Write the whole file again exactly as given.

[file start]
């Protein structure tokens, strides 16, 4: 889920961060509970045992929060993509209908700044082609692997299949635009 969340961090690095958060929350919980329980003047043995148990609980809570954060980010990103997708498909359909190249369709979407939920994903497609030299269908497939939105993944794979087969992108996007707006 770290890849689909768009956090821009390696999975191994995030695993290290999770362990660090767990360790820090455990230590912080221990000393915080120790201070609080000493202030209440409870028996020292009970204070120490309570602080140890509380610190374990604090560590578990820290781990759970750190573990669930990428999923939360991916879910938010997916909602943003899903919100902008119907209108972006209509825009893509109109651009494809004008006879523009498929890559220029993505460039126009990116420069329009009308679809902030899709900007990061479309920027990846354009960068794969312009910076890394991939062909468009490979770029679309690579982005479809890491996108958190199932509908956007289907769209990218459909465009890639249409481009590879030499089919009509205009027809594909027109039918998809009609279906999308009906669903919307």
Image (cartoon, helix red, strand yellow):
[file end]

């Protein structure tokens, strides 16, 4: 889920961060509970045992929060993509209908700044082609692997299949635009 969340961090690095958060929350919980329980003047043995148990609980809570954060980010990103997708498909359909190249369709979407939920994903497609030299269908497939939105993944794979087969992108996007707006 770290890849689909768009956090821009390696999975191994995030695993290290999770362990660090767990360790820090455990230590912080221990000393915080120790201070609080000493202030209440409870028996020292009970204070120490309570602080140890509380610190374990604090560590578990820290781990759970750190573990669930990428999923939360991916879910938010997916909602943003899903919100902008119907209108972006209509825009893509109109651009494809004008006879523009498929890559220029993505460039126009990116420069329009009308679809902030899709900007990061479309920027990846354009960068794969312009910076890394991939062909468009490979770029679309690579982005479809890491996108958190199932509908956007289907769209990218459909465009890639249409481009590879030499089919009509205009027809594909027109039918998809009609279906999308009906669903919307």
Image (cartoon, helix red, strand yellow):